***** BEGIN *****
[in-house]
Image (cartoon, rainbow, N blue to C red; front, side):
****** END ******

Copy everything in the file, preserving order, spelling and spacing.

[in-house]
Image (cartoon, rainbow, N blue to C red; front, side):